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    Figure 1—

    Comparison of PPV DNA load in swab samples obtained from calves with or without clinical signs of PPV infection. Age of the 32 calves without clinical signs of PPV infection (2 farms) and the 11 calves with clinical signs of PPV infection (6 farms) ranged from 9 days to 13 months and from 2 to 9 months, respectively. Each symbol represents results for 1 calf; samples from which PPV was isolated are indicated (triangles). Median values for each group are indicated (horizontal lines). *Median value differs significantly (P < 0.001) from the median value for the other group of calves.

  • 1. Skinner MA, Buller RM, Damon IK, et al. Family Poxviridae. In: King AMQ, Adams MJ, Carstens EB, et al, eds. Virus taxonomy. Ninth report of the International Committee on Taxonomy of Viruses. London: Elsevier, 2012;291309.

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  • 2. Griesemer RA, Cole CR. Bovine papular stomatitis. J Am Vet Med Assoc 1960; 137: 404410.

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  • 5. Damon IK. Poxviruses. In: Knipe DM, Howley PM, eds. Fields virology. 6th ed. Philadelphia: Lippincott Williams and Wilkins, 2013;21602184.

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  • 6. Friedman-Kien AE, Rowe WP, Banfield WG. Milker's nodules: isolation of a poxvirus from a human case. Science 1963; 140: 13351336.

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Detection and quantification of parapoxvirus DNA by use of a quantitative real-time polymerase chain reaction assay in calves without clinical signs of parapoxvirus infection

Gakuji YaegashiIwate Prefecture Central Livestock Hygiene Service Center, 390-5 Sunakomi, Takizawa, Iwate 020-0605, Japan.

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Kazuhiro FukunariIwate Prefecture Central Livestock Hygiene Service Center, 390-5 Sunakomi, Takizawa, Iwate 020-0605, Japan.

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Takayuki OyamaIwate Prefecture Central Livestock Hygiene Service Center, 390-5 Sunakomi, Takizawa, Iwate 020-0605, Japan.

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Ryu-koh MurakamiIwate Prefecture Central Livestock Hygiene Service Center, 390-5 Sunakomi, Takizawa, Iwate 020-0605, Japan.

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Yasuo InoshimaCooperative Department of Veterinary Medicine, Faculty of Applied Biological Sciences, Gifu University, 1-1 Yanagido, Gifu 501-1193, Japan.

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Abstract

OBJECTIVE To investigate the presence of parapoxvirus (PPV) in cattle without clinical signs of infection and in farm environments of PPV-infected cattle.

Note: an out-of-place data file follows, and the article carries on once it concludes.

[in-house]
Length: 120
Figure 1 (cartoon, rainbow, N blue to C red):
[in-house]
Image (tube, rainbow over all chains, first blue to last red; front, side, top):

ANIMALS 28 calves without clinical signs of PPV infection on 2 farms and 11 clinically affected calves on 6 farms.

PROCEDURES 164 oral swab samples were collected at regular intervals from 28 calves without clinical signs of PPV infection, and 11 swab samples were collected from 11 clinically affected calves. Viral DNA load was quantified by use of a PPV-specific quantitative real-time PCR (qRT-PCR) assay.

RESULTS Of 28 calves without clinical signs of PPV infection, 12 had positive results for PPV DNA by use of the qRT-PCR assay. Viral DNA was detected continuously over a period of 2 to 5 months from 9 of these 12 calves, particularly from calves with dermatomycosis or respiratory tract disease. The PPV DNA loads in 32 oral swab samples from these 12 calves were significantly lower (median, 3.2 copies/mg) than those in samples collected from the 11 clinically affected calves (median, 3.2 × 104 copies/mg). Moreover, PPV DNA was detected in the residual feed and drinking water on both farms that housed the calves without clinical signs of PPV infection.

CONCLUSIONS AND CLINICAL RELEVANCE PPV in cattle without clinical signs of infection and in the environments of these cattle may represent sources of PPV transmission to susceptible cattle.

IMPACT FOR HUMAN MEDICINE Humans should wear gloves to prevent zoonotic disease transmission when handling cattle with or without clinical signs of PPV infection.

Abstract

OBJECTIVE To investigate the presence of parapoxvirus (PPV) in cattle without clinical signs of infection and in farm environments of PPV-infected cattle.

ANIMALS 28 calves without clinical signs of PPV infection on 2 farms and 11 clinically affected calves on 6 farms.

PROCEDURES 164 oral swab samples were collected at regular intervals from 28 calves without clinical signs of PPV infection, and 11 swab samples were collected from 11 clinically affected calves. Viral DNA load was quantified by use of a PPV-specific quantitative real-time PCR (qRT-PCR) assay.

RESULTS Of 28 calves without clinical signs of PPV infection, 12 had positive results for PPV DNA by use of the qRT-PCR assay. Viral DNA was detected continuously over a period of 2 to 5 months from 9 of these 12 calves, particularly from calves with dermatomycosis or respiratory tract disease. The PPV DNA loads in 32 oral swab samples from these 12 calves were significantly lower (median, 3.2 copies/mg) than those in samples collected from the 11 clinically affected calves (median, 3.2 × 104 copies/mg). Moreover, PPV DNA was detected in the residual feed and drinking water on both farms that housed the calves without clinical signs of PPV infection.